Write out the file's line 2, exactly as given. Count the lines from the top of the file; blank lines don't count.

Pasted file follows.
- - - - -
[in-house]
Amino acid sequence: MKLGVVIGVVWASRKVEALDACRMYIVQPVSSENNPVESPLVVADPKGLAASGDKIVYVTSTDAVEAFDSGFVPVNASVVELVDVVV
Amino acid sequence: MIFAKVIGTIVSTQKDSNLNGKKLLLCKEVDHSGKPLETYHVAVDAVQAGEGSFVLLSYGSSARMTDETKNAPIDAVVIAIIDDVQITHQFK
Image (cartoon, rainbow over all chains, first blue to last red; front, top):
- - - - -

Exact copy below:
Amino acid sequence: MKLGVVIGVVWASRKVEALDACRMYIVQPVSSENNPVESPLVVADPKGLAASGDKIVYVTSTDAVEAFDSGFVPVNASVVELVDVVV